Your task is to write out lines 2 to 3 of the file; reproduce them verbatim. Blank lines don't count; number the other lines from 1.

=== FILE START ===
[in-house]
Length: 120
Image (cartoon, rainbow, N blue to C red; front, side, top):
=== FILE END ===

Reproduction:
Length: 120
Image (cartoon, rainbow, N blue to C red; front, side, top):